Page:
Chris Hardwick was in tears during an emotional opening to Sunday night’s episode of AMC’s Talking Dead, but did not specifically address his ex-girlfriend Chloe Dykstra’s allegations of abuse against him.

“I really just want to take a minute and I want to say that I’m so appreciative to be standing here right now, and I want to thank you, The Walking Dead community, for all your support over these past couple months. This show is not just a job to me, this is a vital part of my life, this has been a sanctuary these last seven years we’ve been here,” he said through tears at the top of the episode.

Hardwick was nearly replaced by Yvette Nicole Brown on the popular after-show after Dykstra wrote a lengthy Medium essay accusing him of extended emotional, physical, and sexual abuse. He was ultimately reinstated following the conclusion of an AMC investigation.

“This has been with me through good times and bad times, and I have so much gratitude to you the fans, the producers, and the casts of these amazing shows for allowing me to be a part of this community every week,” he continued on Sunday. “This is what this is, a community, and we’re on the precipice of a lot of changes on both Walking Dead shows in the coming weeks and months, and I am so looking forward to going on that journey with you. And I’ve said the following words a million times, countless times, [and] I’ve never been more thankful than I am in this moment to say to you: I am Chris Hardwick and this is Talking Dead.”

Chris Hardwick on Talking Dead
Credit: AMC

Though Dykstra’s account did not identify Hardwick by name in her essay, several details pointed to him as the alleged abuser in question, from their ages (Dykstra is 29 and Hardwick is 46, and in the essay she describes “falling for a man almost 20 years my senior”) to his professional journey (“from a mildly successful podcaster to a powerhouse CEO of his own company” — Nerdist began as a podcast, and Hardwick rose to CEO of Nerdist Industries).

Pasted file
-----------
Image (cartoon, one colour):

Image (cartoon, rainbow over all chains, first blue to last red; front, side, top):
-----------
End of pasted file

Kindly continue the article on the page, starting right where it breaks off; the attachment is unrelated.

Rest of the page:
Dykstra accused him of emotional and sexual abuse, from imposing rules on her behavior — “I ‘should not want to go somewhere at night’ … I was to not have close male friends unless we worked together … As he was sober, I was not to drink alcohol … I was not to speak in public places (elevators, cars with drivers, restaurants where tables were too close) as he believed that people recognized him and were listening to our conversations … [and] I wasn’t allowed to take a photo of us” — to straight-up sexual assault: “I did what he said …Including let him sexually assault me. Regularly. I was expected to be ready for him when he came home from work … Every night, I laid there for him, occasionally in tears. He called it ‘starfishing.’ He thought the whole idea was funny.”

Hardwick confirmed the post was referring to him in a statement shortly after the story broke, but denied her specific allegations.

In response to Dykstra’s account, Hardwick was scrubbed from the Nerdist website, dropped from San Diego Comic-Con panels, and removed from Talking Dead. After the AMC investigation, however, most of those decisions were reversed. His name is back on Nerdist, and in addition to hosting Talking Dead tonight, he will return as host of NBC game show The Wall this fall, and will also appear as a guest judge on the new season of America’s Got Talent.

In a statement posted to Twitter on July 26, Dykstra said she chose not to participate in the AMC investigation: “I have been adamant since I came forward with my essay that I never set out to ruin the career of the person I spoke about.”

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